The earliest use of jewelry to signify a bonding was often literally chains and bracelets. This evolved to the use of the symbolic ring. In ancient Egypt, the Sun and the Moon Gods were feared and worshipped. A ring was a symbol of these spirits, both of whom were also related to the home and hearth. The endless circle showed the eternal nature of the bond, while the open center was meant to be a doorway to things unknown.
This tradition was later assimilated by the Greeks, after Alexander the Great conquered Egypt in 332 BC. Up to this time betrothal rings were generally made out of hemp, leather, bone, or ivory. In early Rome the use of metal rings gradually began to take over from these materials, and the metal of choice back then was iron. Gold and silver rings were given on rare occasions, to prove that a man trusted his wife with his valuable property.
The earliest known occurrence of the phrase vena amoris was from Henry Swinburne, whose sole work appears to be the puritanical "A Treatise of Spousal or Matrimonial Contracts" published in 1686. He cites unidentified ancient sources and purports an Egyptian connection; but no earlier mention of the vein can be found. Macrobius, in Saturnalia VII, 13 (a notably fictional work) refers to the connection between the ringfinger and the heart, but implies in the one phrase a nerve rather than a vein, and in another appears to imply more of a magical than physical significant to the choice of finger. The hand is not specified. Of note, the circulatory system was unknown at the time. Another early reference, again not specifying the hand, was by Isidore of Seville in his 7th century work De ecclesiasticis officiis XX, 8, which refers to the Roman story of a vein connected to the heart.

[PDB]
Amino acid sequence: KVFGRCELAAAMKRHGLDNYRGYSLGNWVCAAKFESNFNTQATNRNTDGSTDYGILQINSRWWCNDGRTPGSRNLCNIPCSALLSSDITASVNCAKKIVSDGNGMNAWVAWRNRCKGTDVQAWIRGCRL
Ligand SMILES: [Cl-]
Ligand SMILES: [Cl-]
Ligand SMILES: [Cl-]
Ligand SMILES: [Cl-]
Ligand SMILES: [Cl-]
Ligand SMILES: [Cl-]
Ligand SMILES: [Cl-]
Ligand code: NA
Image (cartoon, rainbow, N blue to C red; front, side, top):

The choice of finger is also less than settled until recent times; during the 17th century in England it was not unusual to wear the wedding ring on the thumb. Gauls and Britons wore their rings on the middle finger, and the choice of right or left hand appears relatively dependent on culture; though cultures that use either the right or left ring finger both claim a historical connection to the vena amoris. The use of wedding and betrothal rings was not commonplace in the Roman Empire until the 2nd century; which also contradicts versions of the story which claim that this tradition was brought to Rome in the 3rd century BCE.
The strong possibility exists, based on the lack of concrete sources, that this story is a combination of ancient beliefs in the mystical properties of the ring finger, smatterings of legend, and shrewd marketing by the jewellery industry, which has in the past demonstrated a willingness to exploit myths and legends to increase ring sales.